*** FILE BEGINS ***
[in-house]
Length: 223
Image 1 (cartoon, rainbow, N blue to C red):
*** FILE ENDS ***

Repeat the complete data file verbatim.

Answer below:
[in-house]
Length: 223
Image 1 (cartoon, rainbow, N blue to C red):